Saturday, 11 August 2018

Writing Assassins: Five Questions to Ask When Making a Killer


Assassins sure make cool characters, don't they?

I mean, just think about it. Who doesn't want a story where a threatening, morally dark, often enigmatic character appears to turn the tables or rattle the cages?

Let's face it: saying "A knight walked into a bar" is interesting, but saying "An assassin walked into a bar"...well. Now you have my attention. Speak on.

Assassins have particularly seemed to become popular in the past couple decades, stealing their way into our hearts and heads alike with their dastardly deeds, wicked wit, and often antagonistic/anti-heroic antics.

With hundreds of stories from Nevernight to Night Angel, John Wick to Assassin's Creed, or Shadowdance to The Farseer Trilogy, assassins have come to infect our media with stabs and shots, and it's a wonderful thing.

So that brings us to the topic of today's blog: how do we write one? How do we make a convincing assassin character?

Well, like all characters, it comes down to this:

It's time to sit that character down, and start interrogating them.

Or, maybe it would be better to politely interview these ones from a distance. You know. With them being assassins and all. Probably better to stay out of reach...

Anyway, here are five questions to ask when writing an assassin character.





#1: What Kind Of World Do They Live In?

If you're inserting an assassin into a pre-built world, this shouldn't be too difficult to answer. If not, well, it's time to get worldbuilding.

Everything in the culture is going to effect how this assassin operates. How is death viewed by the populace? What is the climate like? What materials for weapons are available? Are there grand cities, or is everything mostly wild lands? What is the political climate like? How does religion and superstition factor into the lifestyle of the regular citizens of this world?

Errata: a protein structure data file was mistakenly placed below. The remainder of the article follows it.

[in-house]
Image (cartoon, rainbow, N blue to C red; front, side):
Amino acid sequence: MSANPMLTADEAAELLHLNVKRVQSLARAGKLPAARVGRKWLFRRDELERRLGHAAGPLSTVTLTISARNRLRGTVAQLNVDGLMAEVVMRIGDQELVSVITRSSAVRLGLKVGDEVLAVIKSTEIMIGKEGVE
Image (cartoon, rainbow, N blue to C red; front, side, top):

All of this can be used to flesh out who this character is. A character who lives in a world without massive cities will use different techniques to kill than one who lives in a more renaissance or modern landscape. One who lives in a bog might favour drowning more than one who lives in a desert. A culture that reveres death won't have to hide their assassins the same way that a culture who fears death would.

Get creative with your worldbuilding, and see where that assassin's place starts to land.



#2: Why Do They Kill?

This is an extremely important question, as it shapes the character's morality.

Does this character kill for justice? Are they a slave, or forced into dealing death through some other means? Do they see it as an easy paycheck? Are they a psychopath? Do they kill for religious reasons? Are they under the command of a government of some form? The motives behind the character's actions can be as limitless as your imagination.

The morality and their reasoning behind their actions will shape their entire psyche, and even their methods.

(An excellent series that displays how a character's motives shape their methods is Arc of a Scythe, by Neal Shusterman, which currently consists of Scythe and Thunderhead. Technically, the Scythes aren't assassins, but they are similar enough that the comparison works. Also, excellent series. If you haven't read it and want to see some really interesting methods of dealing death and just a great story all around, check it out. As another point, I have a review of Scythe on this blog right here)